All of my work originates from a film negative or positive. I shoot with 8 x 10 or 4 x 5 wooden field cameras. When the weather is wild I revert to medium format camera as they are much more stable in windy conditions.
Typically I choose my subjects long before I’ve taken the shot. I choose the weather conditions that would enhance the subject to its fullest extent, then after several test shots at various angles in different weather at different times of the day, with a digital camera, the final decisions are made. These include, which camera to use along with lens selection, Filter selection, and film.
Camera selection is based on weather, available light, composition, desired effect and final output size of the print. At this point the camera is just a box or a foundation on which to build. Wooden large format cameras are just that, large and unwieldy monsters that take considerable time to set up. They are completely mechanical, No light meter, batteries, or automatic focus. The image is projected through the lens onto a piece of fresnell glass, which is the same size as the film at the back of the camera. The image appears on the glass both upside down and backwards which really makes you think before you shoot. Light readings are taken with a hand held meter calculating ambient light and filter factors for a proper exposure. Film is loaded into the camera one piece at a time. Because of the considerable cost of film test shots are often taken with smaller Polaroid’s to ensure that the exposure is correct.
Medium format cameras are quite similar to the old 35mm cameras but twice the size. The biggest advantage is that the film size is two and one half times the size of 35mm film that allows for a much larger final print. They are also rather stable on a tripod in foul weather.
All of the lenses that I use, and there are several, are of top quality and range in focal length from 18mm to 1,200 mm. Inexpensive lenses compromise quality and render an inferior product. Lens selection is also important, as you want to limit the amount of cropping later on in the process.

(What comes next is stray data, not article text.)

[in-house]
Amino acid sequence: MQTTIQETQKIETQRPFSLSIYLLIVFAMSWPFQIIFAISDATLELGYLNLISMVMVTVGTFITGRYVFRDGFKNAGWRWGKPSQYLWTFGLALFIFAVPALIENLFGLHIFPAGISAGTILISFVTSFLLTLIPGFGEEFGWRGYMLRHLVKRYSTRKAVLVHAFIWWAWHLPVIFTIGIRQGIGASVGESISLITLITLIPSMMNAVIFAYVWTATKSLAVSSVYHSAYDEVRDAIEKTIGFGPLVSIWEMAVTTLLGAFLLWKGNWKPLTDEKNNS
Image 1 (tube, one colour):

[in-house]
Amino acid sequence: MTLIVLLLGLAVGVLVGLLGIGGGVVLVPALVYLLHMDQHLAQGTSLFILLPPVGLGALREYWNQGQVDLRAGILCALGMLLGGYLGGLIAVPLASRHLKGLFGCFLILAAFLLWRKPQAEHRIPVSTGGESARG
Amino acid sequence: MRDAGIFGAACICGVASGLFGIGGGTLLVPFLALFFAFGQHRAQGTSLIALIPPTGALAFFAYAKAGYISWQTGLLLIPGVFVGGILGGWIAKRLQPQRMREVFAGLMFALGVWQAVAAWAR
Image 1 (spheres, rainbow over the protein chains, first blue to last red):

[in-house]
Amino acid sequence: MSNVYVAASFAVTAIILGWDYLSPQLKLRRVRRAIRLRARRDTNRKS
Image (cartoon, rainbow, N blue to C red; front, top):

Film is as important to me as lens selection. I prefer the slowest film that I can get away with. Slow film (50 to 100 ISO) Produces a much finer print, less grainy, but also increases exposure time. Depending on light conditions exposure times vary from ten seconds to ten minutes. Inclement weather requires a much faster exposure time, therefore a much faster film. Combined with smaller film size and higher ISO, or faster film, these images tend not to be as large.
After the film comes back from the developer it is then run through a fluid film scanner. As film has a tendency to curl or not lie flat, the result on a conventional flatbed scanner would be a scan that was not entirely in focus because scanners read information on one level plane. Fluid scanners assure that the film is perfectly flat, and on one plane, resulting in a perfect scan. These scans are done at a very high resolution, often rendering a file size of between 3.5 and 5 gigabytes. This large file allows for printing at a much larger size. A single 8 x 10 piece of film can be printed out to ten feet without loss of detail.
After the film is scanned it then becomes a file that is imported into Adobe Photoshop where some would believe “this is where the magic begins” On the contrary! The magic came from everything discussed in the first six paragraphs. I rely on just the right light, equipment and film to capture all of my images. These become indispensable elements when you’re colorblind as I am. All that remains in the end is sizing the image, cropping, and a few minor contrast and exposure adjustments before printing.